Al-Hallaj believes that Rouhi’s case was “a rare case included in the decision to exceptionally permit him to work. Government employees with Thalassemia are very few,” numbering four or five.
According to Dr. Al-Kiswani, director of the Thalassemia section at the Ministry of Health, “the state spends about JD10 million every year on Thalassemia patients.” Dr. Jamal Qannash, director of Medical Committees at the Ministry says: “The Minister of Health has the authority to approve the appointment of any patient under the ‘special and humanitarian cases’ system, although such a patient violates the regulation provisions.”
Qannash admits that “the item that prevents spleen removal patients from working for a medical reason is unsound. Thalassemia patients who have had their spleens removed are fully capable of working in case they commit to taking their medication and attending periodic check-ups.” He also emphasized that “a committee comprising representatives from various sectors, including the Ministry of Health, Social Security and the private sector was formed recently to evaluate its items and amend whatever needs change, especially that no change has been made to it for over 30 years.”
On his part, the director of Legal Affairs at the Ministry of Health, Mr. Radwan Abu-Damis explained the reasons behind ratifying an item like this in the Medical Committee regulation: “The Ministry is keen on preserving the health safety of anyone who occupies a public position.” He added, defending the regulation: “The medical committee entrusted with examining the eligibility of the patient takes into consideration the health state of the patient as a whole, and not simply the removal of his spleen.”
Abu-Damis, however, does not deny the need to amend the law. “The current stage requires looking into amending the articles of the medical committees Regulation, especially that the societal outlook towards the nature of this ailment has now changed, after recent treatment developments.”
There are no official figures on the ground showing the number of patients who were prohibited from working because their spleen was removed, and were later allowed to do so, according to the Director General of the Civil Service Bureau, Mr. Sameh Al-Nasser. “They can be counted on the fingers of one hand.”
Prohibited for Thalassemia Patients, Allowed for Others
Bashir, 31, a Thalassemia patient denounced the Medical Committee’s law allowing someone whose spleen was removed as a result of an emergency such as a traffic accident to work in government, and at the same time, preventing a patient whose spleen was removed as a result of a disease like Thalassemia from doing so. (Article 9 of annex 4 of the Medical Committees Regulation refers to the fact that diseases which do not prevent accepting an applicant in a job are those whose spleens were removed as a result of a non-disease reason.)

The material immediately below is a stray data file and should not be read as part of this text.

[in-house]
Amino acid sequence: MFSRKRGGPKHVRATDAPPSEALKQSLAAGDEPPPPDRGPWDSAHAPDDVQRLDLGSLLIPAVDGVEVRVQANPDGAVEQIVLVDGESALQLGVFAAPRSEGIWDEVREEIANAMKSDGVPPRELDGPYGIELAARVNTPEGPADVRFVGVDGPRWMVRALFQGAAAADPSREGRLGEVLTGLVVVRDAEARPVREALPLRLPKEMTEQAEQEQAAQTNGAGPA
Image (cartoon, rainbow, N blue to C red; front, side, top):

No Work and No Government Support
Attempts by patient Sana, 24, to obtain a job opportunity by applying through a list for humanitarian cases at the Civil Service Bureau failed. She was directly rejected.
Mr. Sameh Al-Nasser, Director General of the Bureau, justifies the position of his institution in rejecting the application by saying that “Thalassemia is not listed as a humanitarian case.” He emphasizes that “the problem lies in the Medical Committees Regulation, and the Ministry of Health should amend its items.”
According to the official website of the Civil Service Bureau, humanitarian cases approved by the Bureau are: special and emergency cases, acute poverty and various kinds of disability. Article 28 of the Civil Service Bureau explains how a committee is formed from the Civil Service Bureau, the Ministry of Health and the National Assistance Fund, to look into approving applications submitted to list them under humanitarian cases.
Al-Nasser adds: “We feel with this group of patients, and we are in the process of addressing the Ministry of Social Affairs to work at listing them under humanitarian cases, or disburse a monthly pay to compensate them for the rejection.”
The position of Mr. Mohammad Aref, director of the National Assistance Fund contradicts this point. The Fund deals with any citizen who applies for obtaining a monthly assistance within specific terms and conditions that apply to all citizens with special needs.” He adds: “There is no law that compels the Fund to pay assistance to Thalassemia patients, except if all other conditions apply to him. The Fund lacks a specific statistic about Thalassemia patients who receive assistance,” according to Aref.